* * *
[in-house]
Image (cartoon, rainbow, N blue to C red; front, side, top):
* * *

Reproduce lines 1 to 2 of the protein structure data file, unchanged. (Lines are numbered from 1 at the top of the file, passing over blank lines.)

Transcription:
[in-house]
Image (cartoon, rainbow, N blue to C red; front, side, top):